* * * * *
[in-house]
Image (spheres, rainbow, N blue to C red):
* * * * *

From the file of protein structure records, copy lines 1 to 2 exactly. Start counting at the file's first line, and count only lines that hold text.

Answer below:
[in-house]
Image (spheres, rainbow, N blue to C red):